I'm baaaack! Lange has a very narrow shell for narrow to normal feet. Next is Technica and Nordica. Techs sometimes tend to have a narrow toe box which tapers quickly. I hear they are modifing this next year. Many Nordicas grab the heel at the achilles tendon. Some like this, others don't. Some people still are so worried about heel lift when recent research has shown that a close fit around the calf, i.e. upper boot and cuff area are just as if not more important than heel lift. This is where the leg first enters the boot. What your leg does is what the boot tells the ski what to do. If it's sloppy loose at the cuff, you don't have the control over your skis. I'v been through a lot of this for 5 years, fitting boots. And yes, I have my boot fitters, because what I don't know I go and find out! I'm also Marker certified in bindings.
Try Salomon Performa 6 or 7 or 8 if you can find them. Try to stay around 70-90 flex index. Dalbello is a great boot with great foot volumn Maybe greater than Salomon. Someone in this forum suggested Strols, or something like that. I'm not familiar with those. Salomon Axe has a flex of 90, but some don't like the yellow color. Those would go great with my MOD X's.

[You might know all the following. This information is what I have learned over the years from the finest boot fitters in Portland, Oregon and from many racers.]

When trying on a boot do not bang the heel on the floor to get into the heel pocket. This does not do the job even though it feels like it. Instead- First thing you do is take the liner out. Next get into the boot and run your foot all they way up until your longest toe just touches the front. Have someone reach down inside the hell to see how many finger widths you have between your heel and the back of the boot. One finger width for racing. If you don't race (like 40 times a year) don't do this. Go for about two finger widths. Put the liner back in and get into the boot.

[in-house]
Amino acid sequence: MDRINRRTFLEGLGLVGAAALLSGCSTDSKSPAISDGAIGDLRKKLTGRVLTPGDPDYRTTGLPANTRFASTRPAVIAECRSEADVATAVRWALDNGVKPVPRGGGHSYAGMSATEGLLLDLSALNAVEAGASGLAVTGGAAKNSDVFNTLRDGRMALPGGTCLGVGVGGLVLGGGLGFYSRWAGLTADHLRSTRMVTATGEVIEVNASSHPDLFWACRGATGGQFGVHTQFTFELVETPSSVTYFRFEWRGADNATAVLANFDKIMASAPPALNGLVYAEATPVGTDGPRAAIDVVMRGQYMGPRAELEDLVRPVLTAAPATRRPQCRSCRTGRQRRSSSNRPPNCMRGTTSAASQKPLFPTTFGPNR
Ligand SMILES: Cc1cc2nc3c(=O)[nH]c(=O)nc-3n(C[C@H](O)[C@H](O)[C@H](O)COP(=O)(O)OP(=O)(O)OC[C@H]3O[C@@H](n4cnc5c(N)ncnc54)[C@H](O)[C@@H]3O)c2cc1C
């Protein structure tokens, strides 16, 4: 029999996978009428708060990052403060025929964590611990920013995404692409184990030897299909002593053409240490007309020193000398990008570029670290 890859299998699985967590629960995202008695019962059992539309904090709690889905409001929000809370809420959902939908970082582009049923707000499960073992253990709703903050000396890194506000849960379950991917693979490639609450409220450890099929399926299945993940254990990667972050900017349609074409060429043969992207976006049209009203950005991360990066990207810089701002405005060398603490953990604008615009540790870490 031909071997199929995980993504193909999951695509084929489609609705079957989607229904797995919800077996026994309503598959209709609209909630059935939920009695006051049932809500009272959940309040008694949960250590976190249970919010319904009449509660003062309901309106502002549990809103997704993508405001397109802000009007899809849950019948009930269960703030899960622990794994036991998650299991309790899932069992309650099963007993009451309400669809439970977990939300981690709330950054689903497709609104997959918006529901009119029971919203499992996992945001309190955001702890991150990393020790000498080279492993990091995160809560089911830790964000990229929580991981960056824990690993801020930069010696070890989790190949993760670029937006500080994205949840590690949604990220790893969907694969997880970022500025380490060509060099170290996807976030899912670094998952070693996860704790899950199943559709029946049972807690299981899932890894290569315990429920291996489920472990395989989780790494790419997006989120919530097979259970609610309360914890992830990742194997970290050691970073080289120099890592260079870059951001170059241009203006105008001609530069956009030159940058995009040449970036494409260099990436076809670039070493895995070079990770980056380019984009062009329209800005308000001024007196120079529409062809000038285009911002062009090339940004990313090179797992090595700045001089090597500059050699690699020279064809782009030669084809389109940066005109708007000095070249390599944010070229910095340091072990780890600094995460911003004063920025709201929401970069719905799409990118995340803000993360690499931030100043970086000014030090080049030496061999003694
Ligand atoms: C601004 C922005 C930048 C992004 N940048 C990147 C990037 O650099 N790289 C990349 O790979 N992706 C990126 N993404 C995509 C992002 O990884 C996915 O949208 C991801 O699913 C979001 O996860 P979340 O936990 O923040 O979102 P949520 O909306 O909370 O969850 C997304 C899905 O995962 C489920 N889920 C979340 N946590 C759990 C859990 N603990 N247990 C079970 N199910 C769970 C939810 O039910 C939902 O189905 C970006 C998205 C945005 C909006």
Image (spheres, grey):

Buckle up starting with the instep buckle (the one just above the toe buckle, leave the toe buckle undone). Work your way up the boot and buckle them on the loosest setting, then do the strap with a gentle nudge.
Now, Stand up and flex up and down throwing your knees out keeping your back straight. Do this 5 times without stopping inbetween and as hard as possible all the way down and all the way back up.
Now, sit back down to take the pressure off the boot and buckle up one more notch, leaving the toe buckle still unbuckled. Stand up and repeat the flexing. Now sit back down and buckle up as you see fit doing the toe buckle LAST. Now, stand up not leaning forward, not leaning backwards, just as neutral as possible, leg straight don into the boot. Is your longest toe barely touching the front? Good. Now, give me a knee forward ski position. Did the toes pull away and not touch the front? Good! There's your fit!
Many people get into a boot without buckling up and try to decide if it's to samll or too big. Wrong! YOu have to buckle up as described above. And thisis how you always get into a boot. The old heel bang is a no-no. Besides it tends to mess up the heel. <G>
There are other problems. Some people have bone spurs to consider. A boot fitter has to stretch the boot for this and/or colapse the foam in certain areas. Some peoples feet elongate when they get squished by a ski boot. Some have high insteps. These are special considerations. Quite often you need to get your boots tweaked for a perfect fit. Boot vendors really don't know what your foot looks like. They take their best guess.

Above all, don't mess with canting until you have your foot beds in place. These take care of 90% of canting problems.

I hope I didn't bore you with stuff you already might know. I learn from many people then research for validity. As equipement and technology changes I listen for teh pros and cons. I hear opinions, conflicting ones, so I check it out. Hope I've help and not bored you to tears. Bob jyarddog@spiritone.com

Afterall, you don't want your feet to feel like this / You want them to feel like this-->
Life's a pain... then you nap. Cat philosphy<FONT size="1">

[This message has been edited by jyarddog (edited April 14, 2001).]</FONT>